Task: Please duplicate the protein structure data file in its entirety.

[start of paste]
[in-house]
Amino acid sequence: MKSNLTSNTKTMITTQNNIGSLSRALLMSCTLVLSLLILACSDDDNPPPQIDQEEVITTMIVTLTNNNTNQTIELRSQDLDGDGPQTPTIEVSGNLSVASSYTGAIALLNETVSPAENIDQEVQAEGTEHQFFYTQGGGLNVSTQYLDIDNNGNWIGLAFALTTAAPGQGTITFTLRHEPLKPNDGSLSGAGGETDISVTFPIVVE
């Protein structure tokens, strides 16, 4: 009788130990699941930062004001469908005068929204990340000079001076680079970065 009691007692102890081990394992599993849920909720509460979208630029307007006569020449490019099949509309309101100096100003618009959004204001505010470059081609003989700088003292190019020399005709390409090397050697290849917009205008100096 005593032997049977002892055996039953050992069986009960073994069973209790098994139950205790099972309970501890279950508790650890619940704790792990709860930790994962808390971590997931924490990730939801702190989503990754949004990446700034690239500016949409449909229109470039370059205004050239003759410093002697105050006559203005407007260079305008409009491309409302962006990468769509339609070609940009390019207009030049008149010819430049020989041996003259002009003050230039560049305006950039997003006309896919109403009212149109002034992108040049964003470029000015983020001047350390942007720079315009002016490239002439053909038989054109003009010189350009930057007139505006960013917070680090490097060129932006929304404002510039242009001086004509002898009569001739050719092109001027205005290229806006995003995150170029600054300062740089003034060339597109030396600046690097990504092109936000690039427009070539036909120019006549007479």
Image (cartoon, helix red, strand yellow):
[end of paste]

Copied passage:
[in-house]
Amino acid sequence: MKSNLTSNTKTMITTQNNIGSLSRALLMSCTLVLSLLILACSDDDNPPPQIDQEEVITTMIVTLTNNNTNQTIELRSQDLDGDGPQTPTIEVSGNLSVASSYTGAIALLNETVSPAENIDQEVQAEGTEHQFFYTQGGGLNVSTQYLDIDNNGNWIGLAFALTTAAPGQGTITFTLRHEPLKPNDGSLSGAGGETDISVTFPIVVE
């Protein structure tokens, strides 16, 4: 009788130990699941930062004001469908005068929204990340000079001076680079970065 009691007692102890081990394992599993849920909720509460979208630029307007006569020449490019099949509309309101100096100003618009959004204001505010470059081609003989700088003292190019020399005709390409090397050697290849917009205008100096 005593032997049977002892055996039953050992069986009960073994069973209790098994139950205790099972309970501890279950508790650890619940704790792990709860930790994962808390971590997931924490990730939801702190989503990754949004990446700034690239500016949409449909229109470039370059205004050239003759410093002697105050006559203005407007260079305008409009491309409302962006990468769509339609070609940009390019207009030049008149010819430049020989041996003259002009003050230039560049305006950039997003006309896919109403009212149109002034992108040049964003470029000015983020001047350390942007720079315009002016490239002439053909038989054109003009010189350009930057007139505006960013917070680090490097060129932006929304404002510039242009001086004509002898009569001739050719092109001027205005290229806006995003995150170029600054300062740089003034060339597109030396600046690097990504092109936000690039427009070539036909120019006549007479």
Image (cartoon, helix red, strand yellow):